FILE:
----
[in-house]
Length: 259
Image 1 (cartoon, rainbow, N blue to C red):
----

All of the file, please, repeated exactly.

[in-house]
Length: 259
Image 1 (cartoon, rainbow, N blue to C red):